Chief Justice Roberts: “Well, no, but a defamation action, people sue everybody all the time. No one’s going to take that seriously. In fact, it’s probably going to redound to the benefit of SBA and COAST to say the congressman is, you know, bringing a defamation action. It highlights it, but it’s another thing to have the State involved making a determination that there’s probable cause that you lied.”

Justice Scalia: “The mere fact that a private individual can chill somebody’s speech does not say, well, since a private individual can do it, you know, the ministry of truth can do it. That’s not ­­ that’s not the law.”

Justice Kennedy: “Don’t you think there’s a serious First Amendment concern with a state law that requires you to come before a commission to justify what you are going to say and which gives the commission discovery power to find out who’s involved in your association, what research you’ve made, et cetera?”

Justice Breyer: “Why can’t a person say, you know, there are things I want to say politically, and the Constitution says that the State does not have the right to abridge my speech, and I intend to say them. And if I say them, there’s a serious risk that I will be had up before a commission and could be fined. What’s the harm? I can’t speak. That’s the harm. Right? So why isn’t that end of the matter?”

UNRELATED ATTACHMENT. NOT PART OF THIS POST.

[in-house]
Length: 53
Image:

Justice Breyer: “Why shouldn’t it be the harm? That is, whatever ­­ has any case said when somebody says, you want to speak in a campaign, and we have a law here that if you do we will throw you in jail and you really do want to speak and the law really does prevent you from speaking, why shouldn’t that be the end of it?”

Justice Ginsburg: “Mr. Murphy, you said there was no credible threat of prosecution, but what about the harm that is occurring? Mr. Carvin said it’s a very short time. They’re brought before the commission, they have to answer this charge that they lied, that they made a false statement. And that just that alone is going to diminish the effect of their speech because they have been labeled false speakers, and it costs money to defend before the commission, right?”

Justice Kagan: “Why isn’t, as Justice Ginsburg suggested, the relevant harm the probable cause determination itself? There are voters out there and they don’t know that probable cause is such a low bar as you describe it. They think probable cause means you probably lied, and that seems a reasonable thing for them to think and that’s a relevant harm and we should just ­­ you know, we don’t even need the prosecution to serve as the relevant harm. That seems quite enough.”

Justice Kennedy: “There’s a curious inversion here. Usually we’re concerned about citizen suits, too many people can challenge ­­ challenge the law. Here we’re concerned that many, many citizens can bring the challenge against the candidate. So it’s somewhat reversed. In other words, you have tens of thousands of private attorney generals waiting to pounce and get these people before the commission and have to follow discovery orders.”